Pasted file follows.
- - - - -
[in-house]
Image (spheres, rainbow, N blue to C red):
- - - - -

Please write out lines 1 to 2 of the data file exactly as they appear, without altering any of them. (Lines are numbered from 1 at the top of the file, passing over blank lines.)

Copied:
[in-house]
Image (spheres, rainbow, N blue to C red):